After an extraordinarily challenging few months, we finally began to see a potential path toward recovery, albeit one that could be a tough slog, but a recovery, nonetheless.
However, about a week ago, our country erupted in protests and social unrest at a level not seen in over 50 years in response to a disturbing video of George Floyd, an innocent black man, who lost his life under the knee of a Minneapolis police officer while three other officers stood by. This horrific incident unlocked a fire that has been raging just below the surface of our society due to long-standing systemic racism and structural inequality.
And so now we face a public health crisis, an economic crisis, and a long-standing social-political injustice that has reached a new boiling point. In some ways, the public health and the economic crises seem relatively straight-forward compared to the issues of systemic racism and structural inequality.
With the coronavirus, every day we learn more about its spread, its effects, and how we can safely move forward until there is a vaccine through social distancing, mask wearing, regular temperature and health checks, and testing and isolating those who are infected. Meanwhile, governments and labs across the world are working day and night to develop rapid testing capabilities, therapeutics, and a vaccine.
With respect to addressing the economy, while challenging, the Federal Reserve and the U.S. Congress have used, and will hopefully continue to use, the most potent tools in their tool chest to stabilize the unprecedented downturn and place the economy back on a path towards recovery. These tools include expanding the federal safety net for the unemployed, loan and grant programs to support businesses, and various federal fiscal tools to stimulate the economy. There is also discussion of a long overdue investment in our nation’s crumbling infrastructure.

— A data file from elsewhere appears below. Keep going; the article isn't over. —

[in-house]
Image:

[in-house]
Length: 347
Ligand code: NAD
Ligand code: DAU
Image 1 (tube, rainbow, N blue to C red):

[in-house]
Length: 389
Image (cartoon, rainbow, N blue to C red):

But as it pertains to the long-standing social and political injustice of systemic racism and structural inequality, we face a disease that has vexed our nation for generations but unfortunately has never seen the level of commitment and resources to adequately address it. This simply must change.
At the start of the coronavirus pandemic, I made a commitment to learn as much as possible about a topic that was new to me to ensure that I was best equipped to help navigate RXR and our communities through an unprecedented challenge. On the topic of systemic racism and structural inequality, intellectually, I may have a certain level of understanding but I know I need to know more if I am going to be a more effective ally, advocate, supporter, and partner to those who have been battling this issue for years.
Moving forward, I am re-committing myself to listening and learning more about this issue in order to position RXR so that we can do even more in addressing this injustice at a moment in time when our country is screaming for change. We must seize this moment and do whatever we can to root out systemic racism once and for all.
At RXR our mantra is, “Doing Good and Doing Well Means Doing Better.” I’m proud of our efforts to invest in and to help grow a number of under-served communities throughout our region. Not only have we invested billions of dollars in these areas, but we have helped create thousands of new jobs and supported a number of organizations and causes. However, I believe that we can and should do more.
We will examine and evaluate the number of actions that we have already taken both internally to support diversity and inclusion and externally in supporting our local communities. More importantly, we will seek to create a series of best practices and our own playbook that positions RXR as an industry leader for economic growth and development in our surrounding communities while supporting efforts to eliminate systemic racism, structural inequality, and ensuring equal opportunity for African Americans and people of color in the communities where we operate.
I recognize that we cannot change the country on our own, but I do believe that we can serve as a model on how the country can change.
Let us all pray for those who have peacefully taken to the streets to make their voices heard and for those who have been charged with keeping our communities safe.
And to George Floyd, Ahmaud Arbery, Breonna Taylor, and far too many others, may they rest in peace and in their honor, let us seize this moment to create a better and more equitable world for everyone, starting right here, right now.
Scott Rechler is the CEO and Chairman of RXR Realty. This op-ed is adapted from a message Rechler sent to RXR employees.